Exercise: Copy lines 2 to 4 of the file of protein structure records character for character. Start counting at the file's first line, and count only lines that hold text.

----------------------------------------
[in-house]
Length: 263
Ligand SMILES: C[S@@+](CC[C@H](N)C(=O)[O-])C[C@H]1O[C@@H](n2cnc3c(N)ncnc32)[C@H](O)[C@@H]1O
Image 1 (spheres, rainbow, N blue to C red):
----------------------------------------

Length: 263
Ligand SMILES: C[S@@+](CC[C@H](N)C(=O)[O-])C[C@H]1O[C@@H](n2cnc3c(N)ncnc32)[C@H](O)[C@@H]1O
Image 1 (spheres, rainbow, N blue to C red):